I am soon going to make a study of the critical thinking skills programs in place in Germany and Canada in particular. I understand that they begin with students in Grade 3. I want to see what we might adapt here from those kinds of programs.
We have some western-style leadership and training programs in place here now mostly under the auspices of religious communities. But in many ways they are thirty years too late. Our children are taught to conform from their mother's wombs. The trick is how to keep the valuable dimensions of the extended family which is so much a part of Indian society while not discouraging the entrepreneurial in the child.
STIDSEN: Bishop Bhai, what can we in the West do to help? You know that we are by and large a generous people although sometimes our projects seem to be mis-directed. You also probably know that there is something being called "donor fatigue" going on now in North America. People there are tired of feeling their monies are going into a bottomless well in terms of all sorts of projects. What do you think about this?
D'SOUZA: Frankly, in many ways, I think this donor fatigue is a good thing. Forgive me if this sounds harsh but in many ways you have taken to simply shelling out money in the West and this is really a cop-out for you. I know that other bishops do not feel this way but I do. What we need from the West is understanding. And that comes much, much harder than simply giving us money. In the era in which we were establishing the church in a country like mine that work was usually being done by European expatriates who appealed to their home bodies for financial assistance. But we cannot continue this in India if we are to be authentically Indian. We must use our own resources.
STIDSEN: You need understanding from the West more than anything else?
D'SOUZA: Yes. And I don't mean some kind of simplistic understanding. I think it's fair to say that you are discovering that material affluence is not the answer that many in the West thought it would be. There is a meaninglessness, an apathy, an ennui which I experience when I am in the West and which dear friends there tell me is indeed the case. In India we have known for centuries, that material things are not enough. Hindus have promoted right actions, Buddhists right thought, to get out of the human quagmire. They can perhaps be faulted for not making a frontal attack on poverty but we have some answers here that the West does not and vice versa. When you are in a country like India the initiative good will at the heart of the Jesus way of life makes such a vital difference. We need an understanding that will result in an amalgamation of the best of the East and of the West.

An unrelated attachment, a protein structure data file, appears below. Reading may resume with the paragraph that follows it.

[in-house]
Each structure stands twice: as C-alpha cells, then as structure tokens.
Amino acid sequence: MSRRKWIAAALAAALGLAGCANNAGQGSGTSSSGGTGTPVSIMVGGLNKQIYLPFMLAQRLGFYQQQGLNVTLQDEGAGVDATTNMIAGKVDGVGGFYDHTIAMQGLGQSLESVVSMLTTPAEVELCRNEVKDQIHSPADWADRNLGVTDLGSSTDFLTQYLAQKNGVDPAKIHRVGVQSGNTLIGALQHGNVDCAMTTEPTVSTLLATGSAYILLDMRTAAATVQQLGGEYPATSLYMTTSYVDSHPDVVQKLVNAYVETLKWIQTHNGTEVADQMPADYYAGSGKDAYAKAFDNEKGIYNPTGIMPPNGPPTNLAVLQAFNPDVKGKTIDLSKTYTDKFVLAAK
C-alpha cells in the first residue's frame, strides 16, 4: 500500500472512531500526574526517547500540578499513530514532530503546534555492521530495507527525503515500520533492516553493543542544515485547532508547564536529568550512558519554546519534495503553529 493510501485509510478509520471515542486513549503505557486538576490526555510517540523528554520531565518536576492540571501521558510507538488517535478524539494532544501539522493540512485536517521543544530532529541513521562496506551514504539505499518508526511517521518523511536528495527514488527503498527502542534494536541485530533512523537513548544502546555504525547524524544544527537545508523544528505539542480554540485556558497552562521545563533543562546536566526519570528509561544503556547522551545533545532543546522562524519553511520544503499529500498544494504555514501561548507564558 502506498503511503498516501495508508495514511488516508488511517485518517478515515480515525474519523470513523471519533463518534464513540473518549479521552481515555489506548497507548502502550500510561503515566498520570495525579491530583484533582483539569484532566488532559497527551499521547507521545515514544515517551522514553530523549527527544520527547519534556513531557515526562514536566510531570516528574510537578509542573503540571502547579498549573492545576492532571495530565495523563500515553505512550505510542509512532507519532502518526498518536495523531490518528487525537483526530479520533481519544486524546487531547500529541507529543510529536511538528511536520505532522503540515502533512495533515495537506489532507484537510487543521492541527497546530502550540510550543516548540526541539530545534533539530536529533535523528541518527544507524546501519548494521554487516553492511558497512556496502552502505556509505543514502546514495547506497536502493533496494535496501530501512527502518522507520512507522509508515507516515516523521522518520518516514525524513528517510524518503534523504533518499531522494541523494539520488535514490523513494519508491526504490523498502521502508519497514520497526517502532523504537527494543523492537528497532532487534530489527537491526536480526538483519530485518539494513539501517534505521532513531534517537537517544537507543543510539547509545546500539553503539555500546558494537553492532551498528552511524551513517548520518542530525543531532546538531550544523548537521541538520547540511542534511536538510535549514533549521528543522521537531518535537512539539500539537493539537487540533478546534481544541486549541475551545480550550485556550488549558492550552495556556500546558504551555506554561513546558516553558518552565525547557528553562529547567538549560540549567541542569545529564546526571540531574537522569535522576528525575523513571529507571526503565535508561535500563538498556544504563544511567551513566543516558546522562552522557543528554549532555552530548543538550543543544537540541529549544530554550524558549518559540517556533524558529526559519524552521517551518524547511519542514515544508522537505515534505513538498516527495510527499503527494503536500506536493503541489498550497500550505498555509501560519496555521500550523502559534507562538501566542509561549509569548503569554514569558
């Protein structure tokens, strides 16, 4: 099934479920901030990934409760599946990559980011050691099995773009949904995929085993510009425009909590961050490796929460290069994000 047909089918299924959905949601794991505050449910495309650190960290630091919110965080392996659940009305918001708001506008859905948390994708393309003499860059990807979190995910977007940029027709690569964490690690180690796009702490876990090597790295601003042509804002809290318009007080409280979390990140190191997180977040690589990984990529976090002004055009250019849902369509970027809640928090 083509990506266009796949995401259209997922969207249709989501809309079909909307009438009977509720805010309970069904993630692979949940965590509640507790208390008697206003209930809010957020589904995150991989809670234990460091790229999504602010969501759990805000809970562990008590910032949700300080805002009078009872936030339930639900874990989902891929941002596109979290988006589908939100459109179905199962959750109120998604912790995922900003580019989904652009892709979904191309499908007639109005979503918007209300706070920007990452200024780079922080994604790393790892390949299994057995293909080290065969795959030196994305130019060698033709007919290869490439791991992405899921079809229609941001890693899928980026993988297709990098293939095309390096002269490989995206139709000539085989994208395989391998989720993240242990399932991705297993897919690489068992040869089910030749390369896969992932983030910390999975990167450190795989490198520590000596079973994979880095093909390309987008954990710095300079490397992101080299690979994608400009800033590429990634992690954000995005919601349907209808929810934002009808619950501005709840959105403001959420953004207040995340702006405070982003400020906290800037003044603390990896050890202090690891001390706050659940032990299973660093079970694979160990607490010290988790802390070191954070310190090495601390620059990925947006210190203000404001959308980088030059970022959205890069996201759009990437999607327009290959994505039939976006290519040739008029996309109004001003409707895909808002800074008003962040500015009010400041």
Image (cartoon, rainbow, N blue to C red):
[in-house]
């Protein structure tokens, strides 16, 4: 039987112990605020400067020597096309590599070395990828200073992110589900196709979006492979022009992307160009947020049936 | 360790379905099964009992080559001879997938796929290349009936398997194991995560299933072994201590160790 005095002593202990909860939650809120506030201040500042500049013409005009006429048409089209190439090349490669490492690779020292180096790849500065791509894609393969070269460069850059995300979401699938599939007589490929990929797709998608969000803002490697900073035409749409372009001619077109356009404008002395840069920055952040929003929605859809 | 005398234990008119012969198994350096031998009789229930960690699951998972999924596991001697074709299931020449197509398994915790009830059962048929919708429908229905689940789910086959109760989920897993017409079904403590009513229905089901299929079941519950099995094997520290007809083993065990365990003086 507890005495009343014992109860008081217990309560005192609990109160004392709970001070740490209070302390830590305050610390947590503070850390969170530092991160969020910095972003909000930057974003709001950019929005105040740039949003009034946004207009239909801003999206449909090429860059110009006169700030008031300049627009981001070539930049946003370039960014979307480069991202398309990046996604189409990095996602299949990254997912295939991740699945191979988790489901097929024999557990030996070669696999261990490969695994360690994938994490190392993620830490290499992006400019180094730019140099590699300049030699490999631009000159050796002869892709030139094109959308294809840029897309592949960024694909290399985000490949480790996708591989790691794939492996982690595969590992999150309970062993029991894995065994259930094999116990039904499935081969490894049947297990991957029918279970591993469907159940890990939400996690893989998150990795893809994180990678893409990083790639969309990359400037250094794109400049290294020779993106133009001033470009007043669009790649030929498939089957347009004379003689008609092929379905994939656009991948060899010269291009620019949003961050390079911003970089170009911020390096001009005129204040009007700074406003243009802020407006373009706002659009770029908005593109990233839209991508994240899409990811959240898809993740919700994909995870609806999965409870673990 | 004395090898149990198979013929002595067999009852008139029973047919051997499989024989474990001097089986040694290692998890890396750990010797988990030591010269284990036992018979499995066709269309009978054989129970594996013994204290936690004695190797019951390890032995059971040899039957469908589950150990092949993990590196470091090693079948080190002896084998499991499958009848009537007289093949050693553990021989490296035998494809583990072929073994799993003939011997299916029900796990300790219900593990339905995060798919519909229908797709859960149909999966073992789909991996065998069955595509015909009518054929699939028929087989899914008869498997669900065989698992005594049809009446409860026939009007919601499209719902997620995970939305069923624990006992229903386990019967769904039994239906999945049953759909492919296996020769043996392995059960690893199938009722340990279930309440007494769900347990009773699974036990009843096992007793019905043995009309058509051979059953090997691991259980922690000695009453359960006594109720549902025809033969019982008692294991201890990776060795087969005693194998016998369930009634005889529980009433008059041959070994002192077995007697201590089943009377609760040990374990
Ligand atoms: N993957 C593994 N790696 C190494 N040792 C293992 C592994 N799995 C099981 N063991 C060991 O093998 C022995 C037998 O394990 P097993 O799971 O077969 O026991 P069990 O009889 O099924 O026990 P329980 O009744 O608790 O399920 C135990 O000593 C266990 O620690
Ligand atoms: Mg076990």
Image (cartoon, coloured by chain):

There is one more thing that we can use from you now and again when you are asked for it. We need your expertise on a short-term basis. We need you to come and be among us and share your knowledge based on our local needs. Your Canadian Executive Service Overseas seems to me to be moving in the right direction along this line. But we also need you to be patient with us. Our ways are not your ways.
Let me try to illustrate this for you. In one of our villages a bright young Catholic from Bombay appeared with a surplus milk collection plan. He gave the whole idea to the village and there was nothing in return but silence.
When my people investigated they found that all surplus milk was put out for the poorer villagers by the richer ones. In return when that time came for the erection of a tent for a wedding, or for some work in fields of the wealthier people, the recipients of the milk stuffs would appear and provide the donors with the necessary services. The Bombay boy's plan would have ruined that very delicate balance in which so many needs were met and with such dignity for the persons involved.